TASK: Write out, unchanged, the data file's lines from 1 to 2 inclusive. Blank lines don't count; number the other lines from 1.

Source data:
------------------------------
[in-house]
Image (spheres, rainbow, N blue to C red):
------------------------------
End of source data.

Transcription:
[in-house]
Image (spheres, rainbow, N blue to C red):